In spring, London's chalk grassland habitats come to life with throngs of insects, flowers and other wildlife.
Meadows and species-rich grasslands can support a huge range of wildlife including wildflowers, fungi, bees, flies, beetles, spiders, moths, butterflies, reptiles, amphibians, small mammals, bats and birds. They are particularly important for pollinators who rely on flowers for their food source.
A haven for our pollinators
In London chalk grassland can be found mainly on the North Downs. A flora and fauna rich habitat supporting up to 40 species per meter squared, where rare and beautiful butterflies can be enjoyed in the capital.
The weathering of chalk and other limestone base geology, forms well-drained, nutrient poor soils. A sunny climate and our relationship to traditionally managing land with grazing sheep, keeps turf short and open, allowing lime loving plants and invertebrates to flourish. There are many rare and scarce species associated with the habitat such as the small blue butterfly and roman snail. Scrubby grassland margins of dogwood and guelder rose help to create a mosaic of habitat and supports other species not found out on the open grassland, such as great green bush cricket.
A sure sign that spring is on its way is the emergence of overwintering butterflies in search of early pollen. Some butterfly species over-winter as eggs, caterpillars or chrysalises during the cold winter months, whilst others hibernate until the following spring.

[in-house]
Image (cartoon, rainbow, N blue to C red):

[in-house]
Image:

These pretty little butterflies are easy to spot as the males’ wings have bright orange tips – giving them their name! They are a common sight during spring and can be found in lots of places including meadows, woodland and hedges.
Did you know?
London Wildlife Trust's project Brilliant Butterflies is creating new wildlife havens in the southern fringes of Croydon and Bromley, providing refuges for pollinators and beautiful, tranquil pockets of chalk meadows. Working with local people we've been restoring chalk grassland and creating new homes for butterflies and insects across nature reserves, road verges, housing estates, and parks. We’ve also been using ground-breaking environmental DNA technology to survey find out more about this wildlife in order to secure its future conservation.